Films showing: “The Chimera”, “Fremont”, “Suddenly, Alone”, “Building 5”…

Films showing: “The Chimera”, “Fremont”, “Suddenly, Alone”, “Building 5”…



This week is dedicated to the proven therapeutic role of cinema. Console the dead to better love the living ( The Chimera ). Redeeming an Afghan exile with fortune cookies ( Fremont ). Reviving a couple in the middle of a storm ( Suddenly Alone ). Giving Voice to Trans Sex Workers ( Kokomo City ). Repairing the broken hearts of animals ( Le Grand Magasin ). One ticket is enough.

Do not miss

“The Chimera”: a grave robber, in love with a dead woman

Rising star of Italian auteur cinema, Alice Rohrwacher offers with this Chimera the fourth feature film of a very original work which likes nothing more than to probe the jolting grandeur of alternative universes in an increasingly standardized and impoverished world .

The film, discreetly Fellinian, depicts the return of a great English swindler, Arthur, to a small village on the Tyrrhenian coast. There, after a stay in prison, he joined a merry band of “tombolari” , these Etruscan tomb robbers who robbed ancient necropolises first to feed themselves, and then to feed the very lucrative contraband market for ancient art. Arthur, a rather dark boy, is also a great romantic who burns with an inconsolable love for Beniamina, a young blonde girl whose memory comes back to him through brief solar visions, even though she seems to have indeed joined the kingdom of the dead .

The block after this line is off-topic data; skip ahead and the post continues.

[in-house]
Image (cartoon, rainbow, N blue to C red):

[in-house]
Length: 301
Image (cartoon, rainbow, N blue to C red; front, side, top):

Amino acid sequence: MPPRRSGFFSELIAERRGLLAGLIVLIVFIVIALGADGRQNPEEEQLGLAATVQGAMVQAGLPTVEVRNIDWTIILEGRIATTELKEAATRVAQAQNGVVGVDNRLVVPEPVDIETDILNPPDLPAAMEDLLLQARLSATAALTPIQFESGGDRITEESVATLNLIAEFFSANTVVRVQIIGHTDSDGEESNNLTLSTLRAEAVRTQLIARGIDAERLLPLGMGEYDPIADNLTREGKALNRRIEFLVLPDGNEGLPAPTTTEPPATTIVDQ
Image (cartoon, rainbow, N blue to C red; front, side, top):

In the curious intertwining of a staging which favors atmosphere rather than intrigue, Arthur, the nerve center of this gentle maelstrom, will have to choose between fidelity to the spirit of the dead or desecration, through their prodigious legacy. , of life itself. J.Ma.

“Fremont”: tenderness for the beauty and strength of the weak

Drawn in the curves of childhood, the face that we see occupying the entire image and which will be in almost every shot delivers a gentleness full of determination. This is undoubtedly due to the direct and frank gaze which illuminates it. Donya (Anaita Wali Zada), a 21-year-old Afghan refugee, former translator for the US army and expatriate when the Taliban returned to power, now lives in Fremont, California. There she found a new job in a small family fortune cookie factory run by a Chinese immigrant couple. In the evening, she dines alone in a small neighborhood restaurant, before returning to her studio, where she struggles to fall asleep.

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